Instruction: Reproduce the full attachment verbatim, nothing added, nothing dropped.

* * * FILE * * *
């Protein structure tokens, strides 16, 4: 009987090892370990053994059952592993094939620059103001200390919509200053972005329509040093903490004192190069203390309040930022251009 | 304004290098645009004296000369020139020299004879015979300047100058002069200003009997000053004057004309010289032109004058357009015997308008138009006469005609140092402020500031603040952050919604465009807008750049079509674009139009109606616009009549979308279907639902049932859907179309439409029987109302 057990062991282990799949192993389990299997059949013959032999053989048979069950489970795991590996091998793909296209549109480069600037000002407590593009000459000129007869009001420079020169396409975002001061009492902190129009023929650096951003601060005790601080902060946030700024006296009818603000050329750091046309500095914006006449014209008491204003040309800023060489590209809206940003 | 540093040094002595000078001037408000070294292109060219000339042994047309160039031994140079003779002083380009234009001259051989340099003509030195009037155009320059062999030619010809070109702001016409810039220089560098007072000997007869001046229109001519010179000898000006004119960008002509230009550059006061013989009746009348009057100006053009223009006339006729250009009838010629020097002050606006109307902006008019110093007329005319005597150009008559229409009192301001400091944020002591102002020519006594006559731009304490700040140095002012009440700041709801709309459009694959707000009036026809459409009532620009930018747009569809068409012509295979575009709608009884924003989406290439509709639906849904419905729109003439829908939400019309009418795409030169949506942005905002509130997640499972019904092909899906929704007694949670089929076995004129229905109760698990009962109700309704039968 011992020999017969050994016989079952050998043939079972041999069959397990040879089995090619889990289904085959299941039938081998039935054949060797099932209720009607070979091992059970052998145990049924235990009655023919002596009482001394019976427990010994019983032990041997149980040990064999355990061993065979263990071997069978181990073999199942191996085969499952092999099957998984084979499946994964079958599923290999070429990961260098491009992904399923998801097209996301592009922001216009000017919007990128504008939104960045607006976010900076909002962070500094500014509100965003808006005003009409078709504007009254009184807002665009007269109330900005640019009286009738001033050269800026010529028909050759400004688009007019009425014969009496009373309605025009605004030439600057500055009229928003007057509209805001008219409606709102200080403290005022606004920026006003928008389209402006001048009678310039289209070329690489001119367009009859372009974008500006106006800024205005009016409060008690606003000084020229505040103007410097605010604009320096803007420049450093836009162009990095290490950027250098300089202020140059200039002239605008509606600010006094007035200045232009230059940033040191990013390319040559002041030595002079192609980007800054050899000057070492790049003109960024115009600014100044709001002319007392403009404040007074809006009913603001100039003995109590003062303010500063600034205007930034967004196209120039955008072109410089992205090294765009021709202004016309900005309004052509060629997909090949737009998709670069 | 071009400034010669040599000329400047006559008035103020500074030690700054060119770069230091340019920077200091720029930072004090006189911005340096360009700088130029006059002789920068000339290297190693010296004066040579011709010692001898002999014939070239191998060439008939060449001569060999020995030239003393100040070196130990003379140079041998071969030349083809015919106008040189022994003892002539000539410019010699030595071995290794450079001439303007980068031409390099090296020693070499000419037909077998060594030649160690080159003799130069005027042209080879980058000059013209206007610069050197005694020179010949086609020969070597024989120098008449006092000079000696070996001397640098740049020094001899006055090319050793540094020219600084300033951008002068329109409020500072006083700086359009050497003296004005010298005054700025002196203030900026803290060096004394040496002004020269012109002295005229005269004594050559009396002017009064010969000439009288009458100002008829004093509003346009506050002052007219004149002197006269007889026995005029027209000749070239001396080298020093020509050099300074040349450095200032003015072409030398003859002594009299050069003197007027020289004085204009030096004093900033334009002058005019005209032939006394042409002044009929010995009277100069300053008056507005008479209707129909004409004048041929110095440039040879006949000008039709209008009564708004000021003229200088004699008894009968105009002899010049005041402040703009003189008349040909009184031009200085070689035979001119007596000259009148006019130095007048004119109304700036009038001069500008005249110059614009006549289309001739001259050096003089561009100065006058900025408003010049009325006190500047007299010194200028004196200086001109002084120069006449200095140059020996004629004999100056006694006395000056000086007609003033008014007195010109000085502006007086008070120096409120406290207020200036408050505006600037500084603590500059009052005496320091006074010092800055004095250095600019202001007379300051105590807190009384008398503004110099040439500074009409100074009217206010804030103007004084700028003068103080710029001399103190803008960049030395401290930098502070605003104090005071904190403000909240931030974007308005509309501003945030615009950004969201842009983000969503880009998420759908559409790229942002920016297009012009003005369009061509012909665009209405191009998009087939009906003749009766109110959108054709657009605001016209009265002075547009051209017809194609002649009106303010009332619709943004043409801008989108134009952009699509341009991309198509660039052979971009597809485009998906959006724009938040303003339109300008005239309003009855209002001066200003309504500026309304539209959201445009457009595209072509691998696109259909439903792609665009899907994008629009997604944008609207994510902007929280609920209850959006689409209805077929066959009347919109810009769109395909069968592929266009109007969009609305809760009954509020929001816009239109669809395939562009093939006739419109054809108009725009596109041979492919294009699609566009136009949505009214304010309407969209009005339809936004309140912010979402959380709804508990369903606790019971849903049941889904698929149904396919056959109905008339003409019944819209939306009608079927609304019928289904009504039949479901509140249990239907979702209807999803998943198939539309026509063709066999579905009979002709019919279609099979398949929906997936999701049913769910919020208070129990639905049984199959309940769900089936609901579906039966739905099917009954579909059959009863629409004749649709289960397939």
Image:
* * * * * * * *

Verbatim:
């Protein structure tokens, strides 16, 4: 009987090892370990053994059952592993094939620059103001200390919509200053972005329509040093903490004192190069203390309040930022251009 | 304004290098645009004296000369020139020299004879015979300047100058002069200003009997000053004057004309010289032109004058357009015997308008138009006469005609140092402020500031603040952050919604465009807008750049079509674009139009109606616009009549979308279907639902049932859907179309439409029987109302 057990062991282990799949192993389990299997059949013959032999053989048979069950489970795991590996091998793909296209549109480069600037000002407590593009000459000129007869009001420079020169396409975002001061009492902190129009023929650096951003601060005790601080902060946030700024006296009818603000050329750091046309500095914006006449014209008491204003040309800023060489590209809206940003 | 540093040094002595000078001037408000070294292109060219000339042994047309160039031994140079003779002083380009234009001259051989340099003509030195009037155009320059062999030619010809070109702001016409810039220089560098007072000997007869001046229109001519010179000898000006004119960008002509230009550059006061013989009746009348009057100006053009223009006339006729250009009838010629020097002050606006109307902006008019110093007329005319005597150009008559229409009192301001400091944020002591102002020519006594006559731009304490700040140095002012009440700041709801709309459009694959707000009036026809459409009532620009930018747009569809068409012509295979575009709608009884924003989406290439509709639906849904419905729109003439829908939400019309009418795409030169949506942005905002509130997640499972019904092909899906929704007694949670089929076995004129229905109760698990009962109700309704039968 011992020999017969050994016989079952050998043939079972041999069959397990040879089995090619889990289904085959299941039938081998039935054949060797099932209720009607070979091992059970052998145990049924235990009655023919002596009482001394019976427990010994019983032990041997149980040990064999355990061993065979263990071997069978181990073999199942191996085969499952092999099957998984084979499946994964079958599923290999070429990961260098491009992904399923998801097209996301592009922001216009000017919007990128504008939104960045607006976010900076909002962070500094500014509100965003808006005003009409078709504007009254009184807002665009007269109330900005640019009286009738001033050269800026010529028909050759400004688009007019009425014969009496009373309605025009605004030439600057500055009229928003007057509209805001008219409606709102200080403290005022606004920026006003928008389209402006001048009678310039289209070329690489001119367009009859372009974008500006106006800024205005009016409060008690606003000084020229505040103007410097605010604009320096803007420049450093836009162009990095290490950027250098300089202020140059200039002239605008509606600010006094007035200045232009230059940033040191990013390319040559002041030595002079192609980007800054050899000057070492790049003109960024115009600014100044709001002319007392403009404040007074809006009913603001100039003995109590003062303010500063600034205007930034967004196209120039955008072109410089992205090294765009021709202004016309900005309004052509060629997909090949737009998709670069 | 071009400034010669040599000329400047006559008035103020500074030690700054060119770069230091340019920077200091720029930072004090006189911005340096360009700088130029006059002789920068000339290297190693010296004066040579011709010692001898002999014939070239191998060439008939060449001569060999020995030239003393100040070196130990003379140079041998071969030349083809015919106008040189022994003892002539000539410019010699030595071995290794450079001439303007980068031409390099090296020693070499000419037909077998060594030649160690080159003799130069005027042209080879980058000059013209206007610069050197005694020179010949086609020969070597024989120098008449006092000079000696070996001397640098740049020094001899006055090319050793540094020219600084300033951008002068329109409020500072006083700086359009050497003296004005010298005054700025002196203030900026803290060096004394040496002004020269012109002295005229005269004594050559009396002017009064010969000439009288009458100002008829004093509003346009506050002052007219004149002197006269007889026995005029027209000749070239001396080298020093020509050099300074040349450095200032003015072409030398003859002594009299050069003197007027020289004085204009030096004093900033334009002058005019005209032939006394042409002044009929010995009277100069300053008056507005008479209707129909004409004048041929110095440039040879006949000008039709209008009564708004000021003229200088004699008894009968105009002899010049005041402040703009003189008349040909009184031009200085070689035979001119007596000259009148006019130095007048004119109304700036009038001069500008005249110059614009006549289309001739001259050096003089561009100065006058900025408003010049009325006190500047007299010194200028004196200086001109002084120069006449200095140059020996004629004999100056006694006395000056000086007609003033008014007195010109000085502006007086008070120096409120406290207020200036408050505006600037500084603590500059009052005496320091006074010092800055004095250095600019202001007379300051105590807190009384008398503004110099040439500074009409100074009217206010804030103007004084700028003068103080710029001399103190803008960049030395401290930098502070605003104090005071904190403000909240931030974007308005509309501003945030615009950004969201842009983000969503880009998420759908559409790229942002920016297009012009003005369009061509012909665009209405191009998009087939009906003749009766109110959108054709657009605001016209009265002075547009051209017809194609002649009106303010009332619709943004043409801008989108134009952009699509341009991309198509660039052979971009597809485009998906959006724009938040303003339109300008005239309003009855209002001066200003309504500026309304539209959201445009457009595209072509691998696109259909439903792609665009899907994008629009997604944008609207994510902007929280609920209850959006689409209805077929066959009347919109810009769109395909069968592929266009109007969009609305809760009954509020929001816009239109669809395939562009093939006739419109054809108009725009596109041979492919294009699609566009136009949505009214304010309407969209009005339809936004309140912010979402959380709804508990369903606790019971849903049941889904698929149904396919056959109905008339003409019944819209939306009608079927609304019928289904009504039949479901509140249990239907979702209807999803998943198939539309026509063709066999579905009979002709019919279609099979398949929906997936999701049913769910919020208070129990639905049984199959309940769900089936609901579906039966739905099917009954579909059959009863629409004749649709289960397939």
Image: